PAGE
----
“In heaven, no doubt, there will be those who have not sullied grievously their baptismal innocence,” Rutledge says. “But most likely, more abundantly shall we say, hopefully we will be surrounded by those who have sullied their baptismal innocence, but have repented for their sins, even public ones, and through confession have become victorious through the blood of the lamb.”

Kansas Bureau of Investigation spokeswoman Melissa Underwood did not respond to an email or phone call before this story was published, but she responded after it first appeared online. The story has been updated to say the KBI investigation is ongoing.

The post In this Kansas town, an insular Catholic sect leaves some residents feeling left out appeared first on Kansas Reflector.

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angelchrys
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yikes
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Neil Gaiman has been accused of sexual assault

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In a four-part podcast produced by British outlet Tortoise Media, two women have accused Neil Gaiman of sexually assaulting them. The complaints span two decades and involve Scarlett, 23, and K, then 18, who both say that the American Gods and The Sandman author violated their boundaries to engage in “rough and degrading sex” with them while they were in otherwise consensual relationships with him.

Scarlett alleges that Gaiman assaulted her within hours of their meeting in his New Zealand residence in February 2022, when she was hired as a nanny for his child. The two apparently shared a bath where, according to Gaiman, they only “cuddled” and “made out” with consent. A three-week relationship followed in which Gaiman claims that the two “only ever engaged in consensual digital penetration,” the words of the Tortoise report. Scarlett, however, alleges that Gaiman “engaged in rough and degrading penetrative sexual acts with her” during this time. In their report, Tortoise cites text messages and conversations with friends of Scarlett’s that support her allegations.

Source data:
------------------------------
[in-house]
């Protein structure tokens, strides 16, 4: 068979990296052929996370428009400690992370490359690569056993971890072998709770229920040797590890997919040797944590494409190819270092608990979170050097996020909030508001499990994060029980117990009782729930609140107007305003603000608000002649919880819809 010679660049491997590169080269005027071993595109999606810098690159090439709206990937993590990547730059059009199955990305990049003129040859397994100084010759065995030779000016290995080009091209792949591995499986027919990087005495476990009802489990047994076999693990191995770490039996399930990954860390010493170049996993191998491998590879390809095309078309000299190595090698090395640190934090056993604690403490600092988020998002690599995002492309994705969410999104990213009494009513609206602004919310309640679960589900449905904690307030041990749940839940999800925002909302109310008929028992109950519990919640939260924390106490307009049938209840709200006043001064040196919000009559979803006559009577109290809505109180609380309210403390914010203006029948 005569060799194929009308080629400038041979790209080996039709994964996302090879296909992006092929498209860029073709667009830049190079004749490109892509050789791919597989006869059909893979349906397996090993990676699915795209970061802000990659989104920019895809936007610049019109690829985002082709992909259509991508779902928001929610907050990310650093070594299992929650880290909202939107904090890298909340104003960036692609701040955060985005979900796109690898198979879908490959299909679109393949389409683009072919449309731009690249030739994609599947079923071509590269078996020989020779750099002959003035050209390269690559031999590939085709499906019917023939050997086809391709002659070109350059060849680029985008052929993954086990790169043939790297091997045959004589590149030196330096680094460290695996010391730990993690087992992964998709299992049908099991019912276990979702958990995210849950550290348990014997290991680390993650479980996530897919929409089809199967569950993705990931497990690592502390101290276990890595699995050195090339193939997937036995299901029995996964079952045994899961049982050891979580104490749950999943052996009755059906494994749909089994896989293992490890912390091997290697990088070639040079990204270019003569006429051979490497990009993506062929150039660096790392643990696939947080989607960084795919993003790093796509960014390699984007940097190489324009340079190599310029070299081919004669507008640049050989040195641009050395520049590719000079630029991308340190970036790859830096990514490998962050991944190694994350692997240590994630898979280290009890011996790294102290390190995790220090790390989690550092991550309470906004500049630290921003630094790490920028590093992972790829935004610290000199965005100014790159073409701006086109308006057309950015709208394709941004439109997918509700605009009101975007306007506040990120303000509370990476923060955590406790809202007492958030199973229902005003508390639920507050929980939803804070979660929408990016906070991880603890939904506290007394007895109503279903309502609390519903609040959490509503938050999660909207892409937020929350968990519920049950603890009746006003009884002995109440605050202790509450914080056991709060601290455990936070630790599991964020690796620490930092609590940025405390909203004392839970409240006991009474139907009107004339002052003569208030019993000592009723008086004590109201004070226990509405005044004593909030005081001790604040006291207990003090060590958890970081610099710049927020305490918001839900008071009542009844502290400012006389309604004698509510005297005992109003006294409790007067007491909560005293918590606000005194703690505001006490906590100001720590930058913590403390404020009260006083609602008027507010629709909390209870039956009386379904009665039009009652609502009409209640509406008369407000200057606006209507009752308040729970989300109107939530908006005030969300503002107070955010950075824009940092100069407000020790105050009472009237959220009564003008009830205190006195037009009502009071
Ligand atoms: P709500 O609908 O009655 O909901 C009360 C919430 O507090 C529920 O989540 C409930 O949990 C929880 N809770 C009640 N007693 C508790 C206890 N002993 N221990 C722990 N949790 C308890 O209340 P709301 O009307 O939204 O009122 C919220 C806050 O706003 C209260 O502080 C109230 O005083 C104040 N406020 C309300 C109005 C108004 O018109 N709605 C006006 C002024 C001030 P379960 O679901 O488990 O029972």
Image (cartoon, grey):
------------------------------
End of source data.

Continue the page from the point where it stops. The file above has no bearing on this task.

The second woman, known as K, says she was 18 in 2003, when she met Gaiman at a book signing in Sarasota, Florida. They allegedly began a relationship when K was 20 and Gaiman was in his mid-40s. She alleges that during their relationship, she submitted to painful sex that “she neither wanted nor enjoyed.” In one incident, she claims that Gaiman penetrated her despite her asking him not to, as she was suffering from a painful infection at the time.